WASHINGTON (DTN) -- Senate Agriculture Committee Chairman Pat Roberts, R-Kan., and ranking member Debbie Stabenow, D-Mich., said early Thursday that their committee will mark up a new farm bill on Wednesday, June 13.
The markup of the five-year bill will be held at 9:30 a.m. in Room 328A of the Russell Senate Office Building.
Roberts and Stabenow did not announce a date for releasing the text of the bill, saying only that legislative text and summaries will be available on the committee website "prior to the meeting."
The lack of a specific date to release the bill indicates that the committee is still having trouble reaching agreement on some parts of it and may also still be waiting for scores of its cost from the Congressional Budget Office.
A knowledgeable Senate aide told DTN late Wednesday that the major problem is with the key commodity title that governs farm programs and particularly with the Agriculture Risk Coverage program. The aide also said that CBO scores are holding up release of the bill. The aide did not provide further details on the issues.
But the aide said it is also possible that the offices of members will be given the bill text Thursday and that it will be released to the public by late Thursday or on Friday.
But whatever problems they are encountering, Roberts and Stabenow emphasized that their bill will be bipartisan, an indication that it will not contain any dramatic changes to the Supplemental Nutrition Assistance Program (SNAP).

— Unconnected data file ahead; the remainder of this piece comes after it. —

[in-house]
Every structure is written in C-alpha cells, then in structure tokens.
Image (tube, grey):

"We are pleased to announce the Senate Agriculture Committee's timely consideration of the 2018 farm bill," Roberts and Stabenow said in a joint statement.
"It has been more than a year of traveling across the country listening to farmers, ranchers, rural communities, and those in need. Now the time has come to put what we've learned into a bipartisan bill that will provide much-needed certainty for agriculture, families, and rural America."
The House Agriculture Committee bill became a Republican-only bill over its SNAP changes. It did not get any Democratic votes on the House floor and failed to get enough Republican votes to pass, in part due to internal Republican conflicts over immigration.
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